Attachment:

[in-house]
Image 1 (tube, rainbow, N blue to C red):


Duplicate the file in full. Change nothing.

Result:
[in-house]
Image 1 (tube, rainbow, N blue to C red):